EvidenceProf Blog

Editor: Colin Miller
Univ. of South Carolina School of Law

Monday, March 6, 2017

Supreme Court Exercises its Duty to Confront Racial Animus, Allows Jury Impeachment Based on Racial Bias

There's one legal topic I've discussed on this blog more than any other: Should jurors be able to impeach their verdicts by testifying about racial bias during deliberations. I link to many of my posts in this post, which also discusses the article I wrote on the topic: Dismissed with Prejudice: Why Application of the Anti-Jury Impeachment Rule to Allegations of Racial, Religious, or Other Bias Violates the Right to Present a Defense.* Now, about eight years after that article, the United States Supreme Court has finally agreed.

Today, the Supreme Court issued its opinion in Peña-Rodriguez v. Colorado. In Peña-Rodriguez, Miguel Angel Peña-Rodriguez was convicted of harassment and unlawful sexual contact. After Peña-Rodriguez was convicted, two jurors submitted affidavits.

The affidavits by the two jurors described a number of biased statements made by another juror, identified as Juror H. C. According to the two jurors, H. C. told the other jurors that he “believed the defendant was guilty because, in [H. C.’s] experience as an ex-law enforcement officer, Mexican men had a bravado that caused them to believe they could do whatever they wanted with women.” Id., at 110. The jurors reported that H. C. stated his belief that Mexican men are physically controlling of women because of their sense of entitlement, and further stated, “‘I think he did it because he’s Mexican and Mexican men take whatever they want.’”...According to the jurors, H. C. further explained that, in his experience, “nine times out of ten Mexican men were guilty of being aggressive toward women and young girls.”...Finally, the jurors recounted that Juror H. C. said that he did not find petitioner’s alibi witness credible because, among other things, the witness was “‘an illegal.’”...(In fact, the witness testified during trial that he was a legal resident of the United States.)

Peña-Rodriguez used these affidavits to file for a new trial, but the Colorado courts deemed them inadmissible under Colorado Rule of Evidence 606(b), which provides that

Upon an inquiry into the validity of a verdict or indictment, a juror may not testify as to any matter or statement occurring during the course of the jury's deliberations or to the effect of anything upon his or any other juror's mind or emotions as influencing him to assent to or dissent from the verdict or indictment or concerning his mental processes in connection therewith, except that a juror may testify on the question whether extraneous prejudicial information was improperly brought to the jurors' attention or whether any outside influence was improperly brought to bear upon any juror. Nor may his affidavit or evidence of any statement by him concerning a matter about which he would be precluded from testifying be received for these purposes.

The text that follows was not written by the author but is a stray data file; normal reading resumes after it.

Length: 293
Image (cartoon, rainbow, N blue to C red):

The Supreme Court disagreed, in the process concluding that the Supreme Court has a strong duty to confront racial bias in the justice system:

The duty to confront racial animus in the justice system is not the legislature’s alone. Time and again, this Court has been called upon to enforce the Constitution’s guaran­ tee against state-sponsored racial discrimination in the jury system. Beginning in 1880, the Court interpreted the Fourteenth Amendment to prohibit the exclusion of jurors on the basis of race....The Court has repeatedly struck down laws and practices that systematically exclude racial minorities from juries....To guard against discrimi­ nation in jury selection, the Court has ruled that no liti­ gant may exclude a prospective juror on the basis of race....In an effort to ensure that individuals who sit on juries are free of racial bias, the Court has held that the Constitution at times demands that defendants be permitted to ask questions about racial bias during voir dire.

While acknowledging that it had not previously allowed jury impeachment in cases of a compromise verdict or juror drug and alcohol abuse, the Court found that

The same cannot be said about racial bias, a familiar and recurring evil that, if left unaddressed, would risk systemic injury to the administration of justice. This Court’s decisions demonstrate that racial bias implicates unique historical, constitutional, and institutional concerns. An effort to address the most grave and serious statements of racial bias is not an effort to perfect the jury but to ensure that our legal system remains capable of coming ever closer to the promise of equal treat­ment under the law that is so central to a functioning democracy.

Accordingly, the Sixth Amendment right to an impartial jury must trump Rule 606(b) and allow for jury impeachment in cases where there are claims of racial bias** during deliberations:

where a juror makes a clear statement that indicates he or she relied on racial stereotypes or animus to convict a criminal defendant, the Sixth Amendment requires that the no-impeachment rule give way in order to permit the trial court to consider the evidence of the juror’s statement and any resulting denial of the jury trial guarantee.


*I also wrote an amicus brief to the Supreme Court on the subject.

**I wonder whether this would also apply in cases of religious, gender, or other bias.



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I introduced my students to this issue via the McCowen case - the Cape Cod murder case. The trial judge took evidence of the racial comments in a hearing, and issued an opinion. This was some years ago.

Posted by: Rick Underwood | Mar 7, 2017 5:36:40 AM

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